The GMK group master key is used as the basis of temporary Key to obtain GTK (groupTransient key) as well as a pair of keys

The formula is as follows:

GTK = PRF-X ( GMK,"Group key expansion",AA||GN)

Nonce generated by GN - authenticator

AA - authenticator MAC address

Note that unlike pairwise key extension, AA and an without supplicant are different, as shown in the figure

In fact, using the master key as the basis of the temporary key, through the pseudo-random function, the group master key will be expanded into a group key hierarchy. No key encryption or key confirmation is generated here, because the key exchange is based on pairwise eapol key

Process chart of four handshakes:

(the data is from the CWSP wireless certification book. Because the English version of CWSP can be found on the name of CSDA author, part of the translation can be directly borrowed.)

4-Way Handshake Message 1

First, the authenticator sends an eapol key frame with anonce to the supplier,

4-Way Handshake Message 2

The anonce and AA that supplier will get. At this time, supplier already has PMK, AA and spa, so PTK can be calculated by the following function

PTK = PRF (PMK + ANonce + SNonce + AA + SPA)

Supplier derives key according to anonce, a nonce (snonce) generated by itself, PMK set by itself, MAC address of authenticator and other information. (anonce generated by MAC (AA) wireless network card MAC (SPA) AP, snonce PRF (pseudo random function))

Supplier then sends snonce and some information to the authenticator through the second eapol key. Message 2 also contains a mic value that will be encrypted by kck. After the receiver authenticator takes out the snonce in message 2, it will perform similar calculation as in supplier to verify whether the message returned by supplier is correct. If not, it will indicate that supplier's PMK is wrong, so the whole handshake work stops.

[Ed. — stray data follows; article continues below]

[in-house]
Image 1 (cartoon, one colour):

4-Way Handshake Message 3

If the supplier key is correct, the authenticator also performs key derivation. After that, the authenticator will send the third eapol key to the supplier. The message carries the group transient key (GTK) for subsequent group key update, which is encrypted with KEK and Mic (encrypted with kck). After receiving message 3, supplier will also do some calculations to determine whether the PMK of AP is correct. Note that the igtk (integrity GTK) is used to encrypt and decrypt the management frames sent and received by the multicast address.

4-Way Handshake Message 4

The supplier sends eapol key to the authenticator for confirmation at the last time. If the authentication is successful, both parties will install (install) key. Install means to use them to encrypt data.

Controlled Port Unlocked

After both parties complete the authentication, the control port of the authenticator will be opened, so that the 802.11 data frame can pass normally, and all unicast data frames will be protected by PTK, and all multicast data and broadcast data will be protected by GTK.

Supplier and authenticator complete key derivation and group pairing, and the two sides can communicate normally.

Since PTK is used by PMK, its encryption process is MAC (AA) + wireless network card MAC (SPA) +AP generated random value (ANonce) + WiFi generated random value (SNonce) + password you enter